September saw a second consecutive month of relatively good sales growth which should indicate welcome news for retailers and the economy alike. Looking beneath the surface though, we see that much of this growth is being driven by price increases filtering through, particularly in food and clothing, which were the highest performing product categories for the month.

Anyway for all the talk of price increases if you look at the figures they cannot have been that high and we have also got a small bit of good news on that front. From the BBC.

Car insurance premiums have dipped for the first time in more than three years, but the respite for drivers will be short-lived, analysis suggests.

Prices fell by 1%, or £9, in the third quarter of the year compared with the previous three months, according to price comparison website Confused.com.

Tourism

The lower value of the UK Pound £ seems to have given the UK economy something of a boost as well.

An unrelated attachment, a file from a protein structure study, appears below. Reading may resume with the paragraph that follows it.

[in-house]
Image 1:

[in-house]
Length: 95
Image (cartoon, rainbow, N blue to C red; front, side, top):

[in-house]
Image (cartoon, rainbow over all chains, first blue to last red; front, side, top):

Tourism is booming in the UK with nearly 40 million overseas people expected to have visited the country during 2017 – a record figure.

Tourist promotion agency VisitBritain forecasts overseas trips to the UK will increase 6% to 39.7 million with spending up 14% to £25.7bn this year.

Also we seem to be holidaying more at home ourselves.

Britons are also holidaying at home in record numbers.

British Tourist Authority chairman Steve Ridgway said tourism was worth £127bn annually to the economy……From January to June this year, domestic overnight holidays in England rose 7% to a record 20.4 million with visitors spending £4.6bn – a rise of 17% and another record.

Over time this should give a boost to the UK trade figures which feel like they have been in deficit since time began! Especially if numbers like the one below continue.

Spending on UK debit cards overseas was down nearly 13% in August compared with the same month in 2016.

Production

If we move to this morning’s official data series we see that production is in fact positive.

In August 2017, total production was estimated to have increased by 0.2% compared with July 2017………In the three months to August 2017, the Index of Production was estimated to have increased by 0.9%……Total production output for August 2017 compared with August 2016 increased by 1.6%.

It is being held back by North Sea Oil & Gas output.

The fall of 2.0% in mining and quarrying was due mainly to oil and gas extraction, which fell by 2.1%. This was largely due to maintenance during August 2017.